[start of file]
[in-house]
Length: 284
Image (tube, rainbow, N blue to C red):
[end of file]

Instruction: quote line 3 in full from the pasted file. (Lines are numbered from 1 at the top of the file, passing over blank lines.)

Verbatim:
Image (tube, rainbow, N blue to C red):